Re: Re:two dimensional distribution

*To*: mathgroup at smc.vnet.net*Subject*: [mg24067] Re: [mg24045] Re:two dimensional distribution*From*: "Richard Finley" <rfinley at medicine.umsmed.edu>*Date*: Thu, 22 Jun 2000 01:02:00 -0400 (EDT)*Sender*: owner-wri-mathgroup at wolfram.com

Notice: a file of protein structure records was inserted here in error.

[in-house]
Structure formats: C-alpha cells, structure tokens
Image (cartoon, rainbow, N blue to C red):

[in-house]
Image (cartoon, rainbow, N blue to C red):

Debbie, It isn't clear from your description if the days are unique in an increasing linear range or if, for example, day x can occur multiple times. Assuming that you just want to calculate the distribution of the Log of the y values over the number of days they occur you can use something like this: data = {{x1,y1},{x2,y2},...}} logData = Apply[{#1,Log[10,#2]}&,data,1] Then load the packages <<Statistics`DataManipulation` <<Graphics`Graphics` where you will find the BinCounts and BarChart procedures helpful. for example, something like BarChart[BinCounts[Transpose[logData][[2]], {-1,4,.25}]] depending on how fine you wanted to partition the Log y values (see the help index for these procedures). regards, RF >>> "Deborah Leddon " <Dleddon at students.cas.unt.edu> 06/21/00 12:20AM >>> Hello, I have a two dimensional data set, {{x1,y1},{x2,y2},...{xn,yn}}, where x ranges from 0.5 days to 2887.5 days and the y values range from 0.25 to 6100. How does one get and plot the Log base 10 distribution of these values? I guess it would involve somehow determining a range of days for which so many y values occur ( a frequency list of y values per x number of days?). Any ideas? Thanks alot if anyone can help. Regards, Debbie Thanks alot if anyone can help